Total Pageviews

Bebop Spoken There

Ethan Iverson: "Mickey Roker played drums in church, and his beat on [Mary Lou] Williams' "Ode to St. Cecile" might make even a diehard atheist a believer" - (JazzTimes Sept. 2019).

Archive

Daily: July 6 - October 27

Precarity John Akomfrah’s film (2017, 46 mins) about Buddy Bolden - Baltic Centre for Contemporary Art, Gateshead Quays, South Shore Road, Gateshead NE8 3BA. Tel: 0191 478 1810. Screenings at intervals during the day. Part of Akomfrah's exhibition Ballasts of Memory. Exhibition (daily) July 6 - October 27. 10:00am-6:00pm. Free.

Today Monday October 14

Afternoon

Jazz

Precarity John Akomfrah’s film (2017, 46 mins) about Buddy Bolden (see above).

Jazz in the Afternoon - Cullercoats Crescent Club, 1 Hudleston, Cullercoats NE30 4QS. Tel: 0191 253 0242. 1:00pm. Free admission.

Evening

Richard Bona & Alfredo Rodriguez - Sage Gateshead, St Mary’s Square, Gateshead Quays, Gateshead NE8 2JR. Tel: 0191 443 4661. 8:00pm. £24.50.

To the best of our knowledge, details of the above events are correct but may be subject to alteration.

Sunday, January 20, 2013

Digby Fairweather with the Swing City Trio @ Trinity Church, Gosforth. January 19

Digby Fairweather (cornet & vocals), Steve Andrews (tenor saxophone, clarinet & vocals), Roly Veitch (guitar & vocals) & Roy Cansdale (double bass) + Iain MacAulay (trombone)
(Review by Russell)
Gosforth High Street resembled a scene on a Christmas card - giant snow flakes, lots of them, threatening a white-out, settling under foot. The Newcastle suburb looked a picture - if you like that sort of thing. Trinity Church and Centre isn’t an obvious choice as a jazz venue yet good numbers invariably turn up for their monthly fix of the music. This bleak mid winter night deterred all but the hardy (fool hardy?). Once inside, the bottle bar was a first port of call. Hadrian Border’s Farne Island looked the pick. The audience looked rather thin (numerically). As the first set got underway the audience had beefed-up (numerically). The attraction? Digby Fairweather, no less.
An added attraction was the company he was keeping - the Swing City Trio, no less. Four amiable characters playing some tunes, having a good time. This Can’t Be Love, I Can’t Give You Anything But Love, Baby and I’m Confessin’ That I Love You (the latter dedicated to Ruby Braff featured stupendous playing by Fairweather). Braff anecdotes included the occasion when, on Tyneside, the American worked with Fairweather. After the gig, walking back to their hotel, Braff asked Essex lad Fairweather if he knew ‘The Lambeth Walk’ Did he? Of course he did! Picture the scene…the pair of them, arms linked, singing Cockney songs late into the night on the streets of Newcastle!
Swing That Music upped the tempo with Steve Andrews’ knock-out clarinet work. Guitarist Roly Veitch sang ‘Tis Autumn with wonderful contributions from Andrews (clarinet) and Fairweather. Veitch and rhythm partner bassist Roy Cansdale stoked it up big style on Spotlight as Andrews drew inspiration from Coleman Hawkins.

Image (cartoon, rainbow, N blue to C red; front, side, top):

The second set was just like the first - full of gems. Veitch sang What a Little Moonlight Can Do and Stars Fell on Alabama (ace trombonist Iain MacAulay joined the party), Andrews sang She’s Funny That Way and a blues heard MacAulay at his Teagarden-like best. Fairweather said he would happily play all night in the company of such fine musicians but it was almost closing time and a storming Lester Leaps In sent us on our way. Snow storms? What snow storms?
Russell                 

No comments :

Blog Archive

About this blog - contact details.

Bebop Spoken Here -- Here, being the north-east of England -- centred in the blues heartland of Newcastle and reaching down to the Tees Delta and looking upwards to the Land of the Kilt.
Not a very original title, I know; not even an accurate one as my taste, whilst centred around the music of Bird and Diz, extends in many directions and I listen to everything from King Oliver to Chick Corea and beyond. Not forgetting the Great American Songbook the contents of which has provided the inspiration for much great jazz and quality popular singing for round about a century.
The idea of this blog is for you to share your thoughts and pass on your comments on discs, gigs, jazz - music in general. If you've been to a gig/concert or heard a CD that knocked you sideways please share your views with us. Tell us about your favourites, your memories, your dislikes.
Lance (Who wishes it to be known that he is not responsible for postings other than his own and that he's not always responsible for them.)
Contact: lanceliddle@gmail.com I look forward to hearing from you.

Submissions for review

Whilst we appreciate the many emails, texts, messages and other communications we receive requesting album/gig reviews on BSH, regrettably, we are unable to reply to all of them other than those we are able to answer with a positive response.
Similarly, CDs received by post will only be considered if accompanied by sufficient background material.
Finally, bear in mind that this is a jazz-based site when submitting your album.
Lance